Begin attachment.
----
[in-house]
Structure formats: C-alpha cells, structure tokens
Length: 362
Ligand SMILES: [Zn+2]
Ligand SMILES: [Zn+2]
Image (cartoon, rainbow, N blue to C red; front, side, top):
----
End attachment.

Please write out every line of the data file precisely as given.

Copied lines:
[in-house]
Structure formats: C-alpha cells, structure tokens
Length: 362
Ligand SMILES: [Zn+2]
Ligand SMILES: [Zn+2]
Image (cartoon, rainbow, N blue to C red; front, side, top):